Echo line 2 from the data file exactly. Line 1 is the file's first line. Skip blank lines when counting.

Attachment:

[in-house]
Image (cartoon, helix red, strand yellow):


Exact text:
Image (cartoon, helix red, strand yellow):